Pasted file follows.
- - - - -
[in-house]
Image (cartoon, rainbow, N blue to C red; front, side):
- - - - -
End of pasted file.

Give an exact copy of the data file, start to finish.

[in-house]
Image (cartoon, rainbow, N blue to C red; front, side):